Publishing in Scientific Journals Is Obsolete

Let me start with some links that prompted a coalescing of thoughts that had brewed for a long time.  First up we have a study showing how everything causes cancer.  Then we have an editorial on replication of findings in science.

Now, as a physicist, I avoid a lot of the problems common in social sciences and biology.  Because we have math and models we are either guided to our result by theory or if something surprising happens we have to justify it theoretically as well.  This means that in most cases you might question the power of published experimental results but not as often their veracity.  To take a specific example from my field, it’s questionable whether a published paper actually did a quantum gate as well as they said, but nobody doubts that their procedure would in fact apply a quantum gate.

That said, I understand the frustration regarding how hard it is to replicate things.  Published papers focus so much on their results that they mostly ignore how they managed to achieve them.  Yet, the technical knowledge is often the most important part.  Again as an example from my field, if you read the original paper on how to lock the frequency of a laser diode, you would have a hard time actual constructing a working prototype.  In fact, the most valuable part of graduate school is acquiring all the technical knowledge that is written down nowhere.  Instead, it is passed down orally from postdoc to graduate student for time immemorial.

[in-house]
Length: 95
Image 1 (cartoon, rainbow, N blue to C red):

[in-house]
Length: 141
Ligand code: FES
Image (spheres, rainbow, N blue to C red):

Why is their no repository for circuit diagrams of a laser lockbox or a feedback circuit?  How come code is not always posted for scrutiny and/or further use?  There is nominally a culture of open discussion and sharing among scientists and yet we make every group reinvent the wheel.  When scientists do reveal their code it can have huge ramifications.  Cowan was a well-regarded atomic theorist and he released his code for atomic calculations.  Decades later it still lives on, probably used by thousands of physicists at this point.

Yes, smart people can replicate your techniques given time, but that is time better spent on pushing the forefront of science.